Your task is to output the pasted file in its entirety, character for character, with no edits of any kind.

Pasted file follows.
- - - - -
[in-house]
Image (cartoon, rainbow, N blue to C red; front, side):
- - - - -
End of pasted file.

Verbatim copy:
[in-house]
Image (cartoon, rainbow, N blue to C red; front, side):